Alex Tabarrok and Ilya Somin highlighted a nice NPR story on public land use. Apparently, the U.S. government is sitting on thousands of empty or underutilized federally owned buildings, buildings that may be costing taxpayers in excess of $1.5 billion per year in upkeep.
The NPR piece focuses on what government officials are doing to tackle this problem.
- The Government Accountability Office wants a more comprehensive and reliable list of government properties along with more accurate descriptions of the buildings’ current states of use.
- Senator Tom Carper wants to streamline the complicated process of selling off un- or under-utilized government buildings (which currently must be offered to various federal, state, or local agencies before going on the open market).
- Dan Tangherlini heads up the General Services Administration that is responsible for the government’s property database. He’s trying to change the culture around space use, shifting his own team to more of a shared space environment that allows them to considerably reduce their overall footprint.
These are all welcome steps in the right direction. But what’s missing is discussion of an incentive scheme that would encourage government agencies to use space more efficiently in the first place.
This is a global problem. For example, Paul recently posted on an audit of government land use in Ahmedabad, a city where unlocking the value of un- and under-utilized government land could free up billions for desperately needed urban infrastructure projects.
Public buildings are inputs in the provision of public services. To get the most social good out of a tax dollar, it is important that government use space efficiently. This issue is particularly pressing in cities, where the high price of land makes inefficient space use especially costly.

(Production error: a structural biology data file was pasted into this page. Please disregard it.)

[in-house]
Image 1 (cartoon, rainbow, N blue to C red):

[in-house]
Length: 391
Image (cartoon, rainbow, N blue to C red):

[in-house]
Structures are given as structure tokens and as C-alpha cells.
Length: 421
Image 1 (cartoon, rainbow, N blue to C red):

So, how to encourage efficient use of government-owned property? Alain Bertaud recently brought my attention to an interesting report by George Peterson. Peterson highlights two approaches to public land use from Australia and South Africa that might hold useful lessons for other governments.
Australia’s land audit and property disposal policy:
Each year, Australian government agencies must make their business case for land retention to the Ministry of Finance and Deregulation. Land deemed unnecessary by the Ministry can be transferred to local authorities or non-profits or sold on the open market. Notably, any public land that is leased to private entities at below market rates is also reason for divestiture in Australia—a process intended to reduce inefficiency and avoid sweetheart deals.
Rental charges for public agencies in Australia:
Property taxation of government property in South Africa:
The local authorities in South Africa are responsible for property tax administration. One potentially problematic aspect of the scheme is that local governments are also free to exempt any public land they deem appropriate. As a result, public land used by local authorities is routinely exempt and the taxation falls primarily on national government property and land owned by parastatal utility providers. Peterson also points out that there is little evidence of significant taxation of vacant government land in South Africa, at least in so much as it would encourage divestiture. That said, in principle, treating public and private property owners the same in terms of property taxation should discourage inefficient use of public sector land.
These systems are undoubtedly imperfect but they are suggestive of how to move incentives in the right direction. Government agencies, especially those consuming expensive land in urban areas, should feel pressure to use their space as efficiently as possible.
Tile image courtesy of Hai Lihn Truong.